Skip to main content


The critical role of ERK in death resistance and invasiveness of hypoxia-selected glioblastoma cells

Article metrics



The rapid growth of tumor parenchyma leads to chronic hypoxia that can result in the selection of cancer cells with a more aggressive behavior and death-resistant potential to survive and proliferate. Thus, identifying the key molecules and molecular mechanisms responsible for the phenotypic changes associated with chronic hypoxia has valuable implications for the development of a therapeutic modality. The aim of this study was to identify the molecular basis of the phenotypic changes triggered by chronic repeated hypoxia.


Hypoxia-resistant T98G (HRT98G) cells were selected by repeated exposure to hypoxia and reoxygenation. Cell death rate was determined by the trypan blue exclusion method and protein expression levels were examined by western blot analysis. The invasive phenotype of the tumor cells was determined by the Matrigel invasion assay. Immunohistochemistry was performed to analyze the expression of proteins in the brain tumor samples. The Student T-test and Pearson Chi-Square test was used for statistical analyses.


We demonstrate that chronic repeated hypoxic exposures cause T98G cells to survive low oxygen tension. As compared with parent cells, hypoxia-selected T98G cells not only express higher levels of anti-apoptotic proteins such as Bcl-2, Bcl-XL, and phosphorylated ERK, but they also have a more invasive potential in Matrigel invasion chambers. Activation or suppression of ERK pathways with a specific activator or inhibitor, respectively, indicates that ERK is a key molecule responsible for death resistance under hypoxic conditions and a more invasive phenotype. Finally, we show that the activation of ERK is more prominent in malignant glioblastomas exposed to hypoxia than in low grade astrocytic glial tumors.


Our study suggests that activation of ERK plays a pivotal role in death resistance under chronic hypoxia and phenotypic changes related to the invasive phenotype of HRT98G cells compared to parent cells.


Adequate supplies of oxygen and nutrients from the vascular network are requisite for robust tumor growth. However, uncoordinated growth rates between the tumor parenchyma and the vascular connective tissue expose cancer cells to a hypoxic environment, thereby limiting further growth of the tumor mass. Conversely, hypoxia may select for cancer cells with an aggressive behavior because tumor cells that can overcome the unfavorable oxygen conditions will survive and proliferate [13]. Hypoxic selection may result in a poor response to treatment, recurrence of cancer, and metastasis. Therefore, investigation of the phenotypic changes induced by chronic hypoxia and the underlying molecular mechanisms is fundamental to develop appropriate and effective cancer treatment modalities as well as to comprehend tumor biology.

Cellular stresses such as hypoxia induce activation of diverse signaling pathways, which allow cells to survive in unfavorable conditions. Among the activated signaling pathways, mitogen-activated protein kinases (MAPKs) are early responders to hypoxic conditions [4]. MAPKs are serine/threonine kinases that regulate various cellular responses such as proliferation, differentiation, and apoptosis [4, 5]. The extracellular signal-regulated kinase, ERK, a subfamily member of MAPKs, is a key molecule responsible for survival under hypoxia [6, 7]. ERKs induce hypoxia inducible factor-1 (HIF-1), a master transactivator in hypoxic conditions, which in turn regulates transcription of hypoxia-adaptive proteins such as VEGF, erythropoietin, and Glut-1 [810]. However, while some candidate proteins responsible for adaptation in hypoxia are well characterized, the identity of proteins involved in chronic hypoxia selection and death resistance are largely unidentified.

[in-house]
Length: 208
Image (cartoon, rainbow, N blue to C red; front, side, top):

This study was designed to identify the molecular basis of phenotypic changes triggered by chronic hypoxia. By establishing death-resistant cells selected by repeated episodes of exposing the T98G glioblastoma cell line (HRT98G) to hypoxia and reoxygenation, we found that ERK plays a pivotal role in hypoxia selection and resistance. In addition, we show that high expression of phosphorylated ERK (p-ERK) is responsible for HRT98G cells having a more invasive phenotype than the parent cells. Together, our results suggest that ERK is a key molecule involved in death resistance to chronic hypoxia.


Cell culture, hypoxic conditions, and cell death assay

The T98G glioblastoma cell line was obtained from the American Type Culture Collection (Rockville, MD, USA) and cultured in Dulbecco's modified Eagle's (DMEM) supplemented with 10% fetal bovine serum. For hypoxic condition, cells in a degassed medium were exposed to 0.5% O2 balanced with 5% CO2/94.5% N2 in a hypoxic chamber (In vivo2, Ruskinn, UK), followed by incubation in normal culture conditions for recovery. The cell death rate was determined by the trypan blue exclusion method.

Antibodies and reagents

Antibodies used in this study were obtained from Cell Signaling Technology (Beverley, MA, USA). Anti-HGTD-P antibody was produced as previously described [11]. All reagents were purchased from Sigma-Aldrich, Inc. (St. Louis, MO, USA), unless otherwise specified.